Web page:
However, it could also occur a little earlier than that. “It can also happen earlier in the luteal phase of the cycle (after ovulation), around day 15, and can last until your period,” she adds. “It really depends on how your body is affected by the hormonal changes throughout the cycle.”

    Thanks to your shifting hormones, you may notice other premenstrual symptoms too, like tiredness, constipation before a period, mood swings, and acne flare-ups. Some women and people with periods also experience period nausea just before and during menstruation. That’s where a period-tracking app like Flo can help. It lets you know when you’re likely to be ovulating, along with when your period is on its way so you’re not second-guessing your symptoms.

    Either way, these symptoms aren’t pleasant, so if you’re experiencing them, try to be kind to yourself by making the most of any self-care methods that help (hot water bottle, anyone?). 

    Tips for managing bloating during ovulation 

    So, now that we know what causes ovulation bloating, what helps soothe a swollen belly?

    Self-care 

    You might not feel like moving much when your belly feels permanently full, but regular exercise such as a walk or bike ride can help to improve digestion and prevent you from feeling bloated. 

    Thankfully, some more pleasurable activities can work wonders, too. (Psst — remember when we said an increased sex drive is common during ovulation?) “Sometimes orgasm and extra sleep can be nonmedical methods that help,” says Dr. Rodgers. 

    Diet 

    Eating smaller, more frequent meals and drinking enough water are simple ways to help manage bloating. Some experts recommend drinking at least eight cups of water per day, but there is no official recommendation on how much water you need, so check with your doctor if you’re not sure whether you’re drinking enough. Limiting salty foods can also help with bloating, as it’s possible that these can make fluid retention worse. 

    Medication 

    You may also find that certain medications help. “Nonsteroidal anti-inflammatory drugs (NSAIDs) can be particularly helpful for pain that is related to prostaglandins, as these medications block them,” says Dr. Rodgers. Common NSAIDs include ibuprofen and naproxen, which you can get over the counter without a prescription. If these don’t help, Dr. Rogers adds, “If it is very bothersome, you can start birth control pills, which stop ovulation from happening.”  

    When to consult a doctor

    Ovulation bloating doesn’t usually need any medical treatment. But, as Dr. Rodgers says, “If it is preventing you from doing your usual activities, waking you out of your sleep, or preventing you from being able to have sex … [then] these are reasons to see your doctor.” They’ll be able to talk through your symptoms, run some tests if necessary, and help you come up with a treatment plan.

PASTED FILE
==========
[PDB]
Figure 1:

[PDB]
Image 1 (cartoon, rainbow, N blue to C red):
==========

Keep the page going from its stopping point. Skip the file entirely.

More FAQs

    Why do I feel awful during ovulation?

    Beyond bloating, you might also experience pelvic or abdominal pain during ovulation, which might not leave you feeling your best. The good news is that ovulation pain usually only lasts for a couple of hours, although it can go on for up to two days. If you’re finding the symptoms tough to manage, reach out to your health care provider to discuss potential treatment options that could help.

    Can you be tired when ovulating?

    You’re actually more likely to have higher energy levels during ovulation, thanks to the increase in estrogen that occurs at this time. However, everyone is different. So if you feel more tired than usual around the time of ovulation, don’t panic; this could be normal for you.

    What color is ovulation discharge?

    Ovulation discharge is often compared to raw egg whites, which means it’s clear, slippery, and stretchy. This is to help make it easier for sperm to meet your egg once it’s been released. Then, after ovulation, you may notice that your discharge becomes drier again.

    References

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    “Bloating.” NHS, www.nhs.uk/conditions/bloating/. Accessed 1 Dec. 2023.

    Brott, Nathan R., and Jacqueline K. Le. “Mittelschmerz.” StatPearls, StatPearls Publishing, 1 May 2023, www.ncbi.nlm.nih.gov/books/NBK549822/.

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    “Cervix.” Cleveland Clinic, my.clevelandclinic.org/health/body/23279-cervix. Accessed 1 Dec. 2023.

    “Dysmenorrhea: Painful Periods.” The American College of Obstetricians and Gynecologists, Dec. 2020, www.acog.org/womens-health/faqs/dysmenorrhea-painful-periods

    Grieger, Jessica A., and Robert J. Norman. “Menstrual Cycle Length and Patterns in a Global Cohort of Women Using a Mobile Phone App: Retrospective Cohort Study.” Journal of Medical Internet Research, vol. 22, no. 6, June 2020, www.ncbi.nlm.nih.gov/pmc/articles/PMC7381001/.

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    Parenteau-Carreau, S., and C. Infante-Rivard. “Self-Palpation to Assess Cervical Changes in Relation to Mucus and Temperature.” International Journal of Fertility, vol. 33, 1988, pp. 10–16, pubmed.ncbi.nlm.nih.gov/2902020/.

    “Physical Activity and Your Menstrual Cycle.” Office on Women’s Health, 16 Feb. 2021, www.womenshealth.gov/getting-active/physical-activity-menstrual-cycle

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    History of updates

    Current version (19 December 2023)

    Medically reviewed by Dr. Jennifer Boyle, Obstetrician and gynecologist, Massachusetts General Hospital, Massachusetts, US
    Written by Kate Hollowood

    Published (23 November 2018)